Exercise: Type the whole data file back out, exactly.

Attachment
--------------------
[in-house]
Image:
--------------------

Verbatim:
[in-house]
Image: